(WEAU)-- It’s a statistic that may surprise you. The Centers for Disease Control says the number of people who die from prescription drugs is so high; it surpasses those who die in car accidents.
A fact you don’t have to tell 28 year old Ethan Bakalars.
"The first time I did Oxycontin, I was at a party in high school, I was a senior; it was floating around because a buddy of mine had busted up his knee in football and the doctors has prescribed them," said Bakalars.
Bakalars has been sober for almost one year but his story of recovery wasn't an easy one.
"I overdosed on January 31st of last year," Bakalars.
Ethan says his use of what he considered a 'party drug' and a drug he could legally get at the pharmacy had quickly spun out of control.
"It became a necessity and a need to function and it wasn't just a handful of pills, I began to crush up the pills and snorting."
And when the prescription's weren't enough Ethan says he turned to heroin.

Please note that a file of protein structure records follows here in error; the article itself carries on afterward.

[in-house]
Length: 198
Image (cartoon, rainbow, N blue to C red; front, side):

"Doing drugs wasn't just something that was a part of my life it was it centered around," said Bakalars
L.E Phillips Libertas Treatment Center Director Tom Fuchs says opiate addictions are a growing problem in Western Wisconsin.
"Approximately 30 to 40 percent of people who come in here started with a legitimate issue and then ultimately they became addicted,” said Fuchs.
For Ethan it was years before he realized he was hooked, but he says he knew what to say to get the prescriptions.
"It’s like hey this is coming from a guy in white coat."
Now as a Project Director for Soft Landing Transition Services, Ethan helps other addicts stay sober.
"It isn't that I don't get to do drugs it’s that I don't need to anymore."